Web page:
Nor can the Children's Advocate, which may ultimately conduct a review, as it does when a child with an open CFS file or one closed within the last year, dies. They do about 60 of those a year.

We never get to read them. If one is ever done on the toddler, we won't likely get to read it, either. Those child death reviews, and all the private and possibly damning information in them about damaged families and failures in the system, are kept secret by law. The only three people who see the dozens of child death reviews done each year are Family Services Minister Kerri Irvin-Ross, the chief medical examiner and the ombudsman. In theory, the minister then trickles out details to child-welfare officials on a need-to-know basis. But it seems the public never needs to know.

Over all of this hangs the legacy of Phoenix Sinclair, another toddler whose murder in 2005 became emblematic of a child-welfare system in chaos, one where a child disappeared for months before anyone noticed, one where the provincial government's initial response was to delay, obfuscate and hide behind their own overly rigid legislation they claim muzzles them.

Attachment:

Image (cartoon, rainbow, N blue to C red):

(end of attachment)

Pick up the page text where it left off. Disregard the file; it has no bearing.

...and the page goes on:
Six months ago, nearly a decade after Phoenix's death, following a massive inquiry into the inner workings and chronic failures of the system, commissioner Ted Hughes recommended more power and independence for the Children's Advocate, which hasn't yet materialized. That extra power could give staff there more latitude to speak freely about specific child deaths, shedding light on what went wrong and adding a little humanity to what are now just raw numbers in an annual report.

Following the inquiry, the province promised changes to the way things work. "We want to move away from a culture of secrecy and blame," said Irvin-Ross at the time.

Whether by design or by profound disorganization, the culture of secrecy persists, and that allows potential failures in the child-welfare system that cost children their lives to remain invisible.